Ship financing is further developing Cyprus’ already strong maritime sector, Deputy Minister of Shipping Natasa Pilides said on Wednesday.
The opportunities are boosted by the new opportunities following the privatisation of the Limassol port and the discovery of hydrocarbons, she said.
Addressing the Marine Money Cyprus Forum that took place in Limassol, Pilides said that offshore exploration and production of gas and oil, as well as their transportation ashore, require the operation of specialised ships and equipment and the supply of specialised supporting services.
“With direct and easy access to the various shipping markets situated along the coasts of the Levant, the North Adriatic and Black Sea as well as access to other main-line deep sea trades across the Mediterranean, Cyprus is set to strengthen its position as a key regional transport hub and soon, we hope, an energy centre in the eastern Mediterranean region,” she said.
“High quality and expertise in specialised services are values which matter to us more than anything else. As part of the public sector, we aim to follow private sector standards in the provision of services, both in terms of speed and in terms of quality. That’s why we offer 24-hour, personalised services, 365 days a year.”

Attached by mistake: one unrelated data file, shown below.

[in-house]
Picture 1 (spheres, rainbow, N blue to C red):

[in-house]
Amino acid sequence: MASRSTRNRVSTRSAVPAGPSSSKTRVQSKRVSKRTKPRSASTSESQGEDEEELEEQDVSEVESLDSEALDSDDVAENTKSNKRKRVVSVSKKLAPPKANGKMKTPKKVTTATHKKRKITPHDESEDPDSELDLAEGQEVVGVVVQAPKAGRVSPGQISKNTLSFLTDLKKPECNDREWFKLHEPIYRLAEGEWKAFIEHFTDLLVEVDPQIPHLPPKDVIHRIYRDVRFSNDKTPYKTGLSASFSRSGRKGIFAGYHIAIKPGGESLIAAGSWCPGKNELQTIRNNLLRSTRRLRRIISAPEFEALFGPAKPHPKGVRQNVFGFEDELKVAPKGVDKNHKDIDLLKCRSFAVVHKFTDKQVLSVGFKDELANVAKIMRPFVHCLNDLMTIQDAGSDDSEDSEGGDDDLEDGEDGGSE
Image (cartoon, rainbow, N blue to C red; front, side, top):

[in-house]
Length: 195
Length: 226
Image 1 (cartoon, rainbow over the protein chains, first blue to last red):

She said there had been a significant increase in the number of shipping companies maintaining offices in Cyprus, many of them offering new maritime services and activities in recent years.
The additions include three marine academies, new ship insurance companies and the entrance of Cypriot banks to the ship finance market.
Demetra Kalogerou, the Ccairwoman of CySEC (Cyprus Securities and Exchange Commission (CySEC) said that in the recent years the supervisory remit has widened substantially to include new groups of supervised firms and products, including collective investment schemes, fund managers and administrative service providers.